"auf deutsch." It was slow going. The book was 800 pages long, and I was getting paper cuts from my German-English dictionary. Finally I decided I would just read and see how much I could absorb from the few words I understood. (Basically, I was inventing his life in my imagination.)
In the 14th century, church services were spoken only in Latin and the Bible was only in Latin. Martin Luther's congregation spoke German. Stained glass windows illustrated the stories—they were the main translation people had. Since they couldn't understand the Gospel as it was being taught, they had to make up their own version, based on what was familiar to them, just like I was doing with the biography.
As I was telling Dee my thoughts, I started feeling very strange. My heart started racing, and I could feel my pulse pounding. Tears tickled my eyelids like I was going to cry. Suddenly, without a doubt, I knew Dee was going to be my husband. I lost track of what I was talking about, and then I saw Dee looking at me in a very searching way. I said, "I don't know what's happening to me." He said, "I don't know either, but it's happening to me, too." He stood up and said, "I think we're supposed to get married!" in a panic-stricken voice. Then he turned quickly and left.
I have since had other personal inspiration, and I now recognize the pounding heart, the tears, and the overwhelming knowledge of truth that comes. But I had never experienced it before. I don't think this kind of revelation comes to everybody about who they should marry, but it came to us That Tuesday.
After Dee fled the scene, I sat there wrapped up in what I was feeling and what he'd said. One of my first thoughts was, "OK, I know he's The One. I guess we need to get to know each other, and fall in love."
I waited all afternoon for him to come back. Finally I went to my room, and then down to dinner. He never showed up. It was pouring rain outside, and I was starting to really worry about him. What if this had given him a heart attack? What if he'd just run away? Had I imagined the whole thing? Maybe he didn't say married . . . he could have said harried, or buried . . . maybe he just thought we both had the flu . . . maybe he had dashed out because he had to throw up. All the certainty of the afternoon was fading into doubt. I'd never heard of this happening.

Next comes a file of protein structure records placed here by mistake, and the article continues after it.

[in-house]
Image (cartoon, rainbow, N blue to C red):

It was Fasching, the traditional Austrian carnival season, and there was a dance that night. Everyone was going. I didn't know exactly what to do, so I decided to go without Dee. I was outside when a car pulled up and he got out. He rushed over to me and hugged me with one arm. "Everything's fine," he said, and miraculously everything was. On the bus he told me about his day.
He had felt the same sudden knowledge that I had felt. It was scary and unexpected, but definite. Needing to think, he had gone walking. When it started raining, he dropped in on one of our professors.
A sense of peace settled over us, even though we were overwhelmed with what this meant. It was a little like the Martin Luther book. We didn't really understand it, but we had caught the spirit. We would have to wait to translate it all and decide what to do, but in the meantime we could trust our feelings.
That night at the dance I saw a whole new side of Dee. He was dancing the Twist! (That was way before my time. I danced the Surf.) We had so much to learn about each other, so much to talk about. It was beyond exciting. I'd never felt this way before.
On the bus home we cuddled and whispered. An endearing little lady in a hat with a feather was sitting across from us. She smiled wistfully, and told us love must be wonderful. "Die Liebe müss schön sein." Jawohl.